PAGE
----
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What is the Best Interest Standard?

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In the realm of Florida family courts, the compass guiding decisions related to your child’s well-being is the Best Interest Standard. When it comes to divorce, Florida statute §61.13 takes a stand: the court’s policy is crystal clear—all decisions concerning children, be it custody or timesharing, should align with the best interests of the child. Every detail is tailored to what uniquely benefits your child. The courts start with the presumption of shared parental responsibility, favoring equality in decision-making between parents regarding education, healthcare, and more.

Florida courts prefer a collaborative approach—shared parental responsibility. This signifies a belief in both parents having equal say in significant aspects of their child’s life. Yet, this is not an ironclad rule; it’s subject to reconsideration if the court deems it detrimental to the child.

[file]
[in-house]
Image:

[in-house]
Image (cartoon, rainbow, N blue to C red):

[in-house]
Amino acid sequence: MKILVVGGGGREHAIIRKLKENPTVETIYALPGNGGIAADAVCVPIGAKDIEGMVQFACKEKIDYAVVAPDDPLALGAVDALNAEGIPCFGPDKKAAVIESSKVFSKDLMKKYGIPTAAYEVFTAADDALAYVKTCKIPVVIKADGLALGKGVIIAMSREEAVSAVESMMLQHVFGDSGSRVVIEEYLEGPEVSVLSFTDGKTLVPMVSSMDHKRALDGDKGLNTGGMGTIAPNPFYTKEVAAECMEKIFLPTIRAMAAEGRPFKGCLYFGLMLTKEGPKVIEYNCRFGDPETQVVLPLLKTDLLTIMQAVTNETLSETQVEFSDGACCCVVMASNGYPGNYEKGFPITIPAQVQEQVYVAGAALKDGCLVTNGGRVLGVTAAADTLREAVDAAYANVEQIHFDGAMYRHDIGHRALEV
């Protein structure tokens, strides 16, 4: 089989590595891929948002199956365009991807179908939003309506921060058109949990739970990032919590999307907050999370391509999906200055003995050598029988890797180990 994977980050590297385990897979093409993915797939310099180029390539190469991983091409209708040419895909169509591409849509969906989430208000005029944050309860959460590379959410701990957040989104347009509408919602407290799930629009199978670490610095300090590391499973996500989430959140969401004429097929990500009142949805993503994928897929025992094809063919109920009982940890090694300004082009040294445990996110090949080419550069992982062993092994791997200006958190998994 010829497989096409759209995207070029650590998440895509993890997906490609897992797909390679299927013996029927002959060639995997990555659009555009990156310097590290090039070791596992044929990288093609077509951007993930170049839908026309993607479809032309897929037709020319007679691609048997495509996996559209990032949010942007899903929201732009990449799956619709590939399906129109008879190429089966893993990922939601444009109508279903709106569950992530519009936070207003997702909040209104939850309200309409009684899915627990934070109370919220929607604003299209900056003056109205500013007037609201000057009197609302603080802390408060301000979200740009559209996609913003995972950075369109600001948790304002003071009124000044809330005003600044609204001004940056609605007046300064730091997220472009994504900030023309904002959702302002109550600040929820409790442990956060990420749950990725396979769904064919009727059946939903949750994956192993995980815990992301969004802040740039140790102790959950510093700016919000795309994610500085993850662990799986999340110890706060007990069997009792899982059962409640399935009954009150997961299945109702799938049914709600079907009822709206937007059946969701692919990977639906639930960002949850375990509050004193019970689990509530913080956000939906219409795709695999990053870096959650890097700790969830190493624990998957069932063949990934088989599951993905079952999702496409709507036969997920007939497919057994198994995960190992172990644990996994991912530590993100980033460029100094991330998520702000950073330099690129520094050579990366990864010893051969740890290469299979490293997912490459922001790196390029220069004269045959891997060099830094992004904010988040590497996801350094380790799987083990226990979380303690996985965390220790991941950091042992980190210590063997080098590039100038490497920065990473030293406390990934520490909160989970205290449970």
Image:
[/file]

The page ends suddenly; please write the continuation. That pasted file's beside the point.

Florida Statute 61.13 provides a list of factors, each a brushstroke on the canvas of your child’s well-being. Let’s paint a picture:

  • Parental Care Ability: The court looks at each parent’s ability to meet the child’s needs and maintain a consistent routine.
  • Stability Matters: The length of time a child has lived in a stable home becomes a key consideration.
  • The Big Picture: Records of the child’s community, home, and school contribute to the canvas of their life.
  • Health Check: The mental and physical health of parents and their moral fitness.
  • Fostering Relationships: The willingness and capacity of each parent to nurture a close, continuing relationship between the child and the other parent.
  • Practical Considerations: The geographic feasibility of the parenting plan and time-sharing, especially considering the child’s needs.
  • Safety First: Evidence of factors like sexual violence, child neglect, abuse, domestic violence, or child abandonment.
  • Home Sweet Home: The ability to provide a safe home, free from substance abuse.
  • Child’s Voice: If the judge deems the child mature enough, their reasonable preference is considered.

Florida court judges, armed with this wealth of information, wield their wisdom to ensure every decision aligns with the best interests of your child. While there’s no one-size-fits-all definition for the best interest of a child, these factors, examined on a case-by-case basis, bring clarity.
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